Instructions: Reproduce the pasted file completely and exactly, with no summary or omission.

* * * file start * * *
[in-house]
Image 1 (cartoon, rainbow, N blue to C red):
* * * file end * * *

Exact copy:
[in-house]
Image 1 (cartoon, rainbow, N blue to C red):